Retiree Michael Rothfeld [“From special ed to documentary film,” March 12] produced five documentaries recounting the stories of veterans who served in World War II and the Korean, Vietnam and other wars. One section that particularly struck me features veterans of the wars in Iraq and Afghanistan explaining how service dogs are helping them deal with post-traumatic stress disorder and traumatic brain injury.
I find it in sync with the goals of the UFT Veterans Committee: dealing with the extended effects of post-traumatic stress disorder.
This problem affects more than the individual. Veterans’ family members are also affected — children possibly more so because they don’t have the coping mechanisms to understand the causes of a parent’s erratic behaviors (including suicide). That confusion, carried with them to school, can affect their behavior. That’s why the UFT Veterans Committee put forth a resolution to establish a system to reach out to veterans who are parents and direct them to appropriate agencies within the NYC Department of Veterans’ Services for assistance with things such as mental health, housing and employment support during postdeployment, education benefits, the NYC Human Rights Law and mentorship. All of the services can ameliorate problems that may seem insurmountable and help stabilize the home environment.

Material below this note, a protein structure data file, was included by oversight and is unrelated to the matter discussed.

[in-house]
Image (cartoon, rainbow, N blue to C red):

It’s very confusing to return home after the most chaotic situation imaginable: war. Only another veteran can empathize. Others may sympathize, but NEVER understand.
About 70% of veterans do not regularly use the U.S. Department of Veterans Affairs. The vast majority of veterans who die by suicide never sought services. That’s about 20 per day.
If we have a vehicle to refer students’ parents who served in the military to available services, it will make a difference. Let’s get beyond thanking vets for their service and get this done.
Donald Nobles, retired